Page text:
Tennessee Abortion Ban Blocked by Federal Court Minutes After Being Signed into Law

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A Tennessee bill banning abortion at nearly every stage of pregnancy, which took effect earlier today after the governor signed the bill, has now been blocked in court
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Today, a federal district court in Tennessee issued a temporary restraining order, blocking portions of a law signed by Gov. Bill Lee earlier today. The ruling blocks parts of the law that ban abortion at nearly every stage of pregnancy and for reasons related to race, gender, or fetal diagnosis. The emergency restraining order was granted at the request of the Center for Reproductive Rights, the American Civil Liberties Union, Planned Parenthood Federation of America, and the ACLU of Tennessee; they filed a lawsuit to block the law immediately after it passed the state legislature on June 19. The ban was in effect for less than an hour today before being blocked by the court. 

Part of the law blocked today prohibits patients from obtaining an abortion based on their reason for seeking the procedure, including the potential for a Down syndrome diagnosis or the sex or race of the fetus. These “reason bans” inflict harm by peddling stigma around abortions and stereotypes of Black and Brown communities, Asian Americans, and people with disabilities. Abortion patients — like all patients — should have the right to make private medical decisions with their families and their doctors, without interference from politicians.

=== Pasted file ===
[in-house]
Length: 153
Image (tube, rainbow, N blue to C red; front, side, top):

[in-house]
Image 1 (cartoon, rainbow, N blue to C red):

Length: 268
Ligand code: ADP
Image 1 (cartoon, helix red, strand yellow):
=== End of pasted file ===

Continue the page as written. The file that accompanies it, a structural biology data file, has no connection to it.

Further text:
The restraining order comes just weeks after the Supreme Court struck down a Louisiana law in June Medical Services v. Russo, which would have devastated abortion access in that state and could have affected abortion access across the country.

“Banning abortion is blatantly unconstitutional, and the lawmakers who passed this law are well aware,” said Jessica Sklarsky, senior staff attorney at the Center for Reproductive Rights. “It is unconscionable that — in the middle of a public health crisis and a national reckoning on systemic racism — lawmakers are focused on trying to eliminate access to abortion. Abortion is an essential health service, and this law clearly violates the constitutional rights of patients and disproportionately harms communities of color. Tennessee should stop attacking reproductive healthcare and instead work to implement policies that will help marginalized communities. This law does the exact opposite.”

“This is a critical win for people in Tennessee who will not lose access to their constitutional right to abortion,” said Anjali Dalal, senior staff attorney at the ACLU Reproductive Freedom Project. “But we cannot lose sight of the big picture: that it took a court order to stop these politicians from pursuing a ruthless anti-abortion agenda in the middle of a pandemic, passing a ban that would disproportionately harm Black and brown people. We would urge Tennessee’s elected officials to abandon this destructive, shameful effort and return to the job they were hired for: serving their constituents.”